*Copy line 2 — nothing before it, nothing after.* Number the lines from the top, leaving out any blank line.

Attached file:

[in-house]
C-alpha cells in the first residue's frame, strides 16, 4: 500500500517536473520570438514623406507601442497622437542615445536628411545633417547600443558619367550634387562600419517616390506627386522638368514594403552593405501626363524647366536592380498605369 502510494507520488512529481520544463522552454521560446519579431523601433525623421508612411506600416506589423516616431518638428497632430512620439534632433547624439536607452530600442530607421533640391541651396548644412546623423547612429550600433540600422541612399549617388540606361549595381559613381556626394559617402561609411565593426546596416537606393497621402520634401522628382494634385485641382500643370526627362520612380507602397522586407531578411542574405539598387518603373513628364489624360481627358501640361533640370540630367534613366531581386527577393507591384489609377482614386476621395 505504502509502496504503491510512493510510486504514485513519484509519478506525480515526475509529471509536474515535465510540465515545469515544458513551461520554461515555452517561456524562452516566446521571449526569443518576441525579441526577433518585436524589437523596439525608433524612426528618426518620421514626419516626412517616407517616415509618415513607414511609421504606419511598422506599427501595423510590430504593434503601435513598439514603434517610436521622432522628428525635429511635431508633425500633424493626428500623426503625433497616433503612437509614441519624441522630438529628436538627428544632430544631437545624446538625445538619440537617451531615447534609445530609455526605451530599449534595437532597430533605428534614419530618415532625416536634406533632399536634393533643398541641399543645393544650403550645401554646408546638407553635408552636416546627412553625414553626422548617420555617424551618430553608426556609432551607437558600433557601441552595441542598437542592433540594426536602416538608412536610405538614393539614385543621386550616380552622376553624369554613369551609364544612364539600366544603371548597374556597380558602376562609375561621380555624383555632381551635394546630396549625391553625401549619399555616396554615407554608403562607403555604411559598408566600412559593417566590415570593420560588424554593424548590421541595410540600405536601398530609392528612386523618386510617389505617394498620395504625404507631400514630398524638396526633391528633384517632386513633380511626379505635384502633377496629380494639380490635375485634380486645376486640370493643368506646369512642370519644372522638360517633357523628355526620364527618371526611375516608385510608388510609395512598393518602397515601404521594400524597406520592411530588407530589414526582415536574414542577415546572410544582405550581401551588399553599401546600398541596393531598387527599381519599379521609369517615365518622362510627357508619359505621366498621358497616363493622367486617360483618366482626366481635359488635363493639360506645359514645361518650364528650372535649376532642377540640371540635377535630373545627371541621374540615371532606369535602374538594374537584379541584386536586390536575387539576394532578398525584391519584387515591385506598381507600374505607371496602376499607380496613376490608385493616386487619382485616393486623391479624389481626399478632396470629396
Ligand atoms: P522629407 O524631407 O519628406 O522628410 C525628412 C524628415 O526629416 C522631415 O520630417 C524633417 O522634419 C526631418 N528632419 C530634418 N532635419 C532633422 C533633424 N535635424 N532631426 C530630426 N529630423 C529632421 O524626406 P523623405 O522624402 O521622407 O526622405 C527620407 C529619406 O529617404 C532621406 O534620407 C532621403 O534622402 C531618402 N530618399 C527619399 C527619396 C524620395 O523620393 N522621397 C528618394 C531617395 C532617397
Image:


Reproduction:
C-alpha cells in the first residue's frame, strides 16, 4: 500500500517536473520570438514623406507601442497622437542615445536628411545633417547600443558619367550634387562600419517616390506627386522638368514594403552593405501626363524647366536592380498605369 502510494507520488512529481520544463522552454521560446519579431523601433525623421508612411506600416506589423516616431518638428497632430512620439534632433547624439536607452530600442530607421533640391541651396548644412546623423547612429550600433540600422541612399549617388540606361549595381559613381556626394559617402561609411565593426546596416537606393497621402520634401522628382494634385485641382500643370526627362520612380507602397522586407531578411542574405539598387518603373513628364489624360481627358501640361533640370540630367534613366531581386527577393507591384489609377482614386476621395 505504502509502496504503491510512493510510486504514485513519484509519478506525480515526475509529471509536474515535465510540465515545469515544458513551461520554461515555452517561456524562452516566446521571449526569443518576441525579441526577433518585436524589437523596439525608433524612426528618426518620421514626419516626412517616407517616415509618415513607414511609421504606419511598422506599427501595423510590430504593434503601435513598439514603434517610436521622432522628428525635429511635431508633425500633424493626428500623426503625433497616433503612437509614441519624441522630438529628436538627428544632430544631437545624446538625445538619440537617451531615447534609445530609455526605451530599449534595437532597430533605428534614419530618415532625416536634406533632399536634393533643398541641399543645393544650403550645401554646408546638407553635408552636416546627412553625414553626422548617420555617424551618430553608426556609432551607437558600433557601441552595441542598437542592433540594426536602416538608412536610405538614393539614385543621386550616380552622376553624369554613369551609364544612364539600366544603371548597374556597380558602376562609375561621380555624383555632381551635394546630396549625391553625401549619399555616396554615407554608403562607403555604411559598408566600412559593417566590415570593420560588424554593424548590421541595410540600405536601398530609392528612386523618386510617389505617394498620395504625404507631400514630398524638396526633391528633384517632386513633380511626379505635384502633377496629380494639380490635375485634380486645376486640370493643368506646369512642370519644372522638360517633357523628355526620364527618371526611375516608385510608388510609395512598393518602397515601404521594400524597406520592411530588407530589414526582415536574414542577415546572410544582405550581401551588399553599401546600398541596393531598387527599381519599379521609369517615365518622362510627357508619359505621366498621358497616363493622367486617360483618366482626366481635359488635363493639360506645359514645361518650364528650372535649376532642377540640371540635377535630373545627371541621374540615371532606369535602374538594374537584379541584386536586390536575387539576394532578398525584391519584387515591385506598381507600374505607371496602376499607380496613376490608385493616386487619382485616393486623391479624389481626399478632396470629396